By Leonardo Bertini (ESR at Natural History Museum London)

Since being in lockdown, the Natural History Museum London has continued to work with our partner institutions and collaborators. The pandemic hasn’t stopped us from working internationally! In my research, we collaborate with Prof. Willem Renema and his team from Naturalis Biodiversity Center in Leiden. Having this collaboration means we can share the specimens from our collections to increase our sample sizes. The Naturalis collection houses many coral specimens from turbid sites in the Coral Triangle, some of the oldest ones were collected during historic expeditions such as the Sibellius and the Siboga expeditions. Given my research is focussing on Indonesian corals, the Siboga expedition is incredibly significant.

Max Carl Wilherm Weber, German-Dutch zoologist and bio-geographer, led the Siboga expedition in 1899 to 1900. The expedition was a zoological and hydrographical expedition to Indonesia, and some of the sites are the ones we are still exploring today! The Indonesian Archipelago is home to over 17,000 islands rich in flora and fauna, especially coral reefs and has a great abundance of marine life.

Figure 1: Route of the Siboga expedition (1899-1900) with the red star indicating the main 4D-REEF study area, Spermonde Archipelago. Source:

Weber appointed a crew of seven scientists to join him on the expedition. He even asked his wife, Anna Antoinette Weber-van Bosse (feature image, top row, third from the left), a Dutch phycologist specialising in marine algae to join. Even this was groundbreaking as it was not common at the time for women scientists to go on expeditions.

During the expedition, they collected a number of specimens from all different animal and plant groups. These included some of the coral specimens present at Naturalis, which are part of my study! It is so exciting to work with specimens that have so much historical significance behind them!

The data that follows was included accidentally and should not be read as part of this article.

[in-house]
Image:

The samples that our collaborators at Naturalis sorted out for me were very varied! One (1 in the photo below) showed very high rates of ‘bio-erosion’/occupation, likely from the Christmas tree worms, however its shape is very spherical and homogeneous. Other samples, such as 2 in the photo, had very bumpy shapes and were not spherical at all. It was very exciting to have such a variety of samples, as this would give us so much information as what the conditions were in the oceans 200 years ago!

Figure 2: Set of massive Porites specimens from the Naturalis collection.

We thank our collaborators from Naturalis, especially Prof. Willem Renema and his team, for continuing our partnership and sorting through their collections to add to my research. Despite us not being able to travel to their collections and meet in person, we are still working stronger than ever and overcoming the obstacles of this pandemic. I hope that I will be able to travel to Leiden to thank them all in person!  

Written by ESR: Leonardo Bertini

MSc in Marine Biological Resources

Natural History Museum, UK